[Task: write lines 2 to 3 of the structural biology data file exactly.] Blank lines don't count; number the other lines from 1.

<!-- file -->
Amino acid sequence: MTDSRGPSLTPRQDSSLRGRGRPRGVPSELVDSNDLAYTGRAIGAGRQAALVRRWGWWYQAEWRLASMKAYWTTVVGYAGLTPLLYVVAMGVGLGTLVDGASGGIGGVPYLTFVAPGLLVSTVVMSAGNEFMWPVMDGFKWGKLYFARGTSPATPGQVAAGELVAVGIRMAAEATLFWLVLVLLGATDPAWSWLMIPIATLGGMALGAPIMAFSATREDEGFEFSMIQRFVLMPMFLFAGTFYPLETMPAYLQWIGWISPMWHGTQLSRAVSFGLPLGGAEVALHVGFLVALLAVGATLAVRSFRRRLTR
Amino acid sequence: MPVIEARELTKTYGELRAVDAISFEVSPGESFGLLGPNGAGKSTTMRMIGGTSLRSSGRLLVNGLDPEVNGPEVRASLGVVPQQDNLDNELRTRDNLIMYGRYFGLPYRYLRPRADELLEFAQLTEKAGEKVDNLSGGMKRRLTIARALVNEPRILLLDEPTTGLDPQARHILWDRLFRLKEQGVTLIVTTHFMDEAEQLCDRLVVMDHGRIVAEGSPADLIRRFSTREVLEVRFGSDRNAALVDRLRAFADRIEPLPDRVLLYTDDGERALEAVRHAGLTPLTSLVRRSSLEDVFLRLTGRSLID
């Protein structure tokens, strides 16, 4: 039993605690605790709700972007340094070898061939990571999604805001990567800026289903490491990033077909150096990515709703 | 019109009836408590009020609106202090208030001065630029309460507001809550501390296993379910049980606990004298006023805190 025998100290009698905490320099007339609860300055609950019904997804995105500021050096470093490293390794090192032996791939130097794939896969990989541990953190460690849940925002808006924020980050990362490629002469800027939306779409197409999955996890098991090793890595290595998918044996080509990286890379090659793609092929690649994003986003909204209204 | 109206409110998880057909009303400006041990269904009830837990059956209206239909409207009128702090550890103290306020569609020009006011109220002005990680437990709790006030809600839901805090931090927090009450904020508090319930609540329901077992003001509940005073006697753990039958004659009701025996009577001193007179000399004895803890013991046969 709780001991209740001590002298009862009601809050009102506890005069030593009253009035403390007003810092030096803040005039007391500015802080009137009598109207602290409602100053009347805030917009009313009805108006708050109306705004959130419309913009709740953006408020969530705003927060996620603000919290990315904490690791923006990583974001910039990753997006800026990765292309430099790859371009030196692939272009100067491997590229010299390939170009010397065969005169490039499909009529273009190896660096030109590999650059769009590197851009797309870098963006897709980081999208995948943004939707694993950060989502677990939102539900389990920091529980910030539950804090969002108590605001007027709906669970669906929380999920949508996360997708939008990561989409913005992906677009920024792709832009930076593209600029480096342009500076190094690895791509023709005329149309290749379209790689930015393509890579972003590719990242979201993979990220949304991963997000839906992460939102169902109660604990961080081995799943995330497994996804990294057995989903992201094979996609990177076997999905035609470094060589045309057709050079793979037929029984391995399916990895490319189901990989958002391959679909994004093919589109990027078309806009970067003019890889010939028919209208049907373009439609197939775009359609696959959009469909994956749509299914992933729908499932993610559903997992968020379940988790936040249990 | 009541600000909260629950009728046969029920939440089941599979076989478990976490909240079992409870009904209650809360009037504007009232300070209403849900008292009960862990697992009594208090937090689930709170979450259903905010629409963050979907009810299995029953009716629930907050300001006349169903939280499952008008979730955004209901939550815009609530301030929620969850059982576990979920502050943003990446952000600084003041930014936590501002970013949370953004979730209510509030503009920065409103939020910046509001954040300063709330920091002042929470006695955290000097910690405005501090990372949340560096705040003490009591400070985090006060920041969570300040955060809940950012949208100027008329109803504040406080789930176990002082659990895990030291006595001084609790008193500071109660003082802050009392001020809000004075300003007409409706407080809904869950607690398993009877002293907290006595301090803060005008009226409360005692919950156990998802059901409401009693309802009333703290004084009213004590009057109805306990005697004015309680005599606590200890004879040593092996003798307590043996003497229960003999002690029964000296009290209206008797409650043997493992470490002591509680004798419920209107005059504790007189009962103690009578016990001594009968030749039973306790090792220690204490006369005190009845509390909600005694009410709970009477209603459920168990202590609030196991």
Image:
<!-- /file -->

Amino acid sequence: MPVIEARELTKTYGELRAVDAISFEVSPGESFGLLGPNGAGKSTTMRMIGGTSLRSSGRLLVNGLDPEVNGPEVRASLGVVPQQDNLDNELRTRDNLIMYGRYFGLPYRYLRPRADELLEFAQLTEKAGEKVDNLSGGMKRRLTIARALVNEPRILLLDEPTTGLDPQARHILWDRLFRLKEQGVTLIVTTHFMDEAEQLCDRLVVMDHGRIVAEGSPADLIRRFSTREVLEVRFGSDRNAALVDRLRAFADRIEPLPDRVLLYTDDGERALEAVRHAGLTPLTSLVRRSSLEDVFLRLTGRSLID
């Protein structure tokens, strides 16, 4: 039993605690605790709700972007340094070898061939990571999604805001990567800026289903490491990033077909150096990515709703 | 019109009836408590009020609106202090208030001065630029309460507001809550501390296993379910049980606990004298006023805190 025998100290009698905490320099007339609860300055609950019904997804995105500021050096470093490293390794090192032996791939130097794939896969990989541990953190460690849940925002808006924020980050990362490629002469800027939306779409197409999955996890098991090793890595290595998918044996080509990286890379090659793609092929690649994003986003909204209204 | 109206409110998880057909009303400006041990269904009830837990059956209206239909409207009128702090550890103290306020569609020009006011109220002005990680437990709790006030809600839901805090931090927090009450904020508090319930609540329901077992003001509940005073006697753990039958004659009701025996009577001193007179000399004895803890013991046969 709780001991209740001590002298009862009601809050009102506890005069030593009253009035403390007003810092030096803040005039007391500015802080009137009598109207602290409602100053009347805030917009009313009805108006708050109306705004959130419309913009709740953006408020969530705003927060996620603000919290990315904490690791923006990583974001910039990753997006800026990765292309430099790859371009030196692939272009100067491997590229010299390939170009010397065969005169490039499909009529273009190896660096030109590999650059769009590197851009797309870098963006897709980081999208995948943004939707694993950060989502677990939102539900389990920091529980910030539950804090969002108590605001007027709906669970669906929380999920949508996360997708939008990561989409913005992906677009920024792709832009930076593209600029480096342009500076190094690895791509023709005329149309290749379209790689930015393509890579972003590719990242979201993979990220949304991963997000839906992460939102169902109660604990961080081995799943995330497994996804990294057995989903992201094979996609990177076997999905035609470094060589045309057709050079793979037929029984391995399916990895490319189901990989958002391959679909994004093919589109990027078309806009970067003019890889010939028919209208049907373009439609197939775009359609696959959009469909994956749509299914992933729908499932993610559903997992968020379940988790936040249990 | 009541600000909260629950009728046969029920939440089941599979076989478990976490909240079992409870009904209650809360009037504007009232300070209403849900008292009960862990697992009594208090937090689930709170979450259903905010629409963050979907009810299995029953009716629930907050300001006349169903939280499952008008979730955004209901939550815009609530301030929620969850059982576990979920502050943003990446952000600084003041930014936590501002970013949370953004979730209510509030503009920065409103939020910046509001954040300063709330920091002042929470006695955290000097910690405005501090990372949340560096705040003490009591400070985090006060920041969570300040955060809940950012949208100027008329109803504040406080789930176990002082659990895990030291006595001084609790008193500071109660003082802050009392001020809000004075300003007409409706407080809904869950607690398993009877002293907290006595301090803060005008009226409360005692919950156990998802059901409401009693309802009333703290004084009213004590009057109805306990005697004015309680005599606590200890004879040593092996003798307590043996003497229960003999002690029964000296009290209206008797409650043997493992470490002591509680004798419920209107005059504790007189009962103690009578016990001594009968030749039973306790090792220690204490006369005190009845509390909600005694009410709970009477209603459920168990202590609030196991």